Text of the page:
This site uses third-party cookies, learn more or accept
dark light

SQL Conditional Order By

Written by Max Pelic on
Update: the Jelly URL link shortener is live, be one of the first people to check it out!
For a limited time, get an exclusive discount by using the coupon code WEBSITE5OFF when you sign up for a free trial.

I recently ran into a problem where I needed to order MySQL results differently depending on a value in the row. The table contained rows with dates in them, and I wanted to show upcoming dates first in ascending order (closest dates first), then show the rest of the results sorted in descending order. With a little trial and error I was able to make it work, here's what I did:

First, I separated them into two groups using a simple order by statement: ORDER BY date >= NOW() DESC. That way, the future dates show up first, and the rest show up below/after those.

Next, I added an if statement to the ORDER BY clause. I originally wanted to do something like IF(date >= NOW(), date ASC, date DESC), but that didn't work, I couldn't include ASC and DESC in the if statement. So I ended up doing it a little differently: IF(date >= NOW(), UNIX_TIMESTAMP(date), - UNIX_TIMESTAMP(date)) ASC. That way the future dates were sorted by date ASC and the past dates were sorted by the negative value of the date in ascending order, which ends up being the date in descending order.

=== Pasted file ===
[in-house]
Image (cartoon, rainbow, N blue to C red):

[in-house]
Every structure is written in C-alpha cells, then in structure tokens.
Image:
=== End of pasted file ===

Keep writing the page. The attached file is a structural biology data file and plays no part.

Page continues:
So the full order by statement ended up being

1ORDER BY date >= NOW() DESC, IF(date >= NOW(), UNIX_TIMESTAMP(date), - UNIX_TIMESTAMP(date)) ASC;

Share this article:

Previous Article: Using the Canvas element to save an image

Next Article: Moving away from AMP